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Re: Traveling waves or resonance?

Some years back this list began a discussion on the relative virtues of
viewing the cochlea as driven by traveling waves or resonance. Happily,
progress has been made in my endeavours to revive a resonance theory of
hearing and an approachable discussion piece on the subject has just been
published in PLoS Biology. The reference is

Bell A (2004) Hearing: Travelling Wave or Resonance? PLoS Biol 2(10): e337.
The open-access, full-text article is at

That is indeed an approachable piece, very well written and produced.
But I'd like to disagree with it anyway.  A few points for now.

First, you say of Gold that "In fact, the abstract of his 1948 paper
declares that Œprevious theories of hearing are considered, and it is
shown that only the resonance theory of HelmholtzŠ is consistent with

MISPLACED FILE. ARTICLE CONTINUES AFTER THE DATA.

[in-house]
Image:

observation¹."  But did he mean to include the traveling wave theory
in that?  Von Békésy¹s book was 1960, so he certainly wasn't reacting
to that.  And nodoby had an active traveling wave theory yet, so he
couldn't be including there.  And many ohters have concluded that the
theory of Helmholtz is NOT consistent with what we know of hearing.

Second, the "regenerative" idea is not the only way to get a big
active gain. In fact, it has the trouble of being only an extremely
narrow-band way to get gain. The first really high-gain
high-bandwidth electronic amplifier was the invention of Rudy
Kompfner and John Pierce known as the travelling-wave-tube amplifier.
It used a travelling wave in an active medium (a beam of moving
electrons in this case) to get high gain over a wide band, without
feedback. Take a look at that idea, and I think you'll see that it's
a better analog of the cochlea than the idea of "resonance" is.

Third, sharp threshold tuning curves are an epiphenomenon.  If you
look at output of a hair cell or neuron versus frequency, for a constant
input power or amplitude or velocity or anything else, you do NOT
get a very sharp curve.  Von Békésy¹s "lateral inhibition" went a long
way to explaining that apparent discrepancy, though it took some years
of interpretation.

I think Gold was brilliant and way ahead of his time, but I'm not
sure he would take the position that you're taking.

Dick Lyon